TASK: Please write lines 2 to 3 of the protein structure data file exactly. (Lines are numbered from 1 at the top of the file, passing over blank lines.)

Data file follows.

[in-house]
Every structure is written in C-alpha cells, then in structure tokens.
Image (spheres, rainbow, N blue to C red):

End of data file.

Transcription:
Every structure is written in C-alpha cells, then in structure tokens.
Image (spheres, rainbow, N blue to C red):